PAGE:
Lunch at Eten is one of those unexpected delights – like shucking your oyster and discovering a pearl.
Not that a café serving tasty food is surprising in itself, but you just don’t expect this quality of cuisine in such an understated environment.
I know all this because Eten is literally a stone’s throw from the Sheffield Telegraph office – and it has doubled as my interview room since it first opened last year.
I haven’t reviewed it before, partly because I was waiting for the promised bistro evenings to begin, but also because our reviews are generally carried out anonymously...
I considered the moustache and hat option, but figured they’d still recognise me. So I’m declaring my interest from the start, and assuring you that it will make no difference. Service at Eten is always carried out with a smile and the food is of universally good quality, regardless of who orders it.
The secret is the fact that this cafe is run by two qualified chefs and a former hotel inspector.
Head chef Lee Vintin has cooked in kitchens from London to Paris, feeding luminaries from Sir Elton John to the Beckhams.
He was head chef at the Walnut Club in Hathersage, Bosworth’s Bramall Lane and took the Devonshire Arms at Middle Handley to success as Eat Sheffield’s 2011 restaurant of the year.
Co-owner Paul Gill is also a respected chef – pastries are his speciality – and his partner Geraldine Williams is an experienced hotel inspector.
The three have taken over the sprawling premises opposite Sheffield Cathedral and turned it into a pleasant café-cum-bistro with a comfortable lounge area at the back and a first-floor function room that plays host to a variety of meetings and events.
On the Wednesday evening of our visit there was a chess club in progress upstairs while book club members discussed The Great Gatsby in the back room.
Other activities range from regular yoga and therapy sessions to film nights, art exhibitions, gaming and scrapbooking workshops and, most recently, a secret gig featuring three local bands.
“It’s grown to become more and more of a community centre,” says Lee, clearly delighted with the fact.
“Eventually I envisage this being open seven days a week, from 7.30am, with lots of things going on.
“We wanted to be the kind of place that includes people; I think everyone should have a social conscience these days.”
That goes for the food as well as the building: Lee was diagnosed as coeliac shortly after Eten opened and he has developed a gluten-free range that encompasses much of the menu, without making a big issue of it.
He is first and foremost a chef, so taste comes first. But he has worked hard to create specialities like his GF scones that are said to be as good as the ‘real’ thing.
Vegan food is another speciality that he has worked hard to perfect – including special recipes for pie night and afternoon tea.
Eten (the name is old English for ‘to eat’) is a large, airy space that’s enlivened by a changing display of artwork on the walls. The current exhibition is by poster artist Martin Bedford.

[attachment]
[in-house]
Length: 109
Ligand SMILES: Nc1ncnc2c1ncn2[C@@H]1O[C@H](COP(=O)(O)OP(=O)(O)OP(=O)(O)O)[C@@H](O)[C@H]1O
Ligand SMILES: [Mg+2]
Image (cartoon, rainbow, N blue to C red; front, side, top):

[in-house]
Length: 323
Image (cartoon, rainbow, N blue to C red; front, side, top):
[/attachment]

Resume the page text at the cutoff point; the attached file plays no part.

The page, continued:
In the evenings, the atmosphere is softened by tealights, flickering in vintage china cups.
In fact vintage china is a feature throughout the day, whether you’ve called in for a quick morning cuppa or a slap-up afternoon tea.
We’re here for one of the twice-weekly bistro nights – an occasion for which Paul (better known as Paulo) steps front-of-house.
The menu sounds as enticing as ever and, unlike those places where a special event is an excuse to hike the prices, good value is maintained too.
There’s a choice of four dishes per course. Two courses are £12.95 and a third just £3 extra.
That’s certainly not restaurant prices, but you’ll be surprised by the quality of the food.
Eten is licensed: there’s a decent choice of bottled beers, spirits and wines, including several by the glass.
We order glasses of Pinot Grigio (£3.20): light, crisp and nicely chilled.
I start with a salad of roasted sweet potatoes, fresh figs and crumbled goats cheese – a sublime balance of sweet and sour that’s pulled together with a wonderful dressing of balsamic-steeped sultanas.
My companion goes for a meaty terrine of Moss Valley ham hock, perked up with a hint of capers, gherkins and parsley. It comes with salad and a sweet, tangy red onion and apple marmalade.
Her main course is a top rump steak, cooked medium rare as recommended, with a pat of cheesy Yorkshire Blue butter – so large and so well chilled that it refuses to melt.
Crisp-cooked chips and a dressed side salad complete the feast: “Simple but delicious, like Parisian steak frites,” she decides.
My baked cod is another dish where simplicity allows quality ingredients to take centre stage.
It comes with silky creamed potato, nicely seasoned, and a fan of grilled courgettes with a rich tomato sauce.
And dessert is irresistible. Eten Mess (see what they did there?) is a suitably indulgent conclusion to the meal.
Traditional meringue and whipped cream are mixed with succulent fresh blackberries, raspberries and strawberries.
Eten is open Mon - Sat, 10am - 5pm, Wed - Sat until 11pm (last orders 8pm). Other evenings by arrangement.
* Eten café & tearoom, 2-4 York Street, Sheffield S1 2ER telephone (0114) 2730 658 Eten cafe and tearoom
* See video interviews with the Eten chefs here: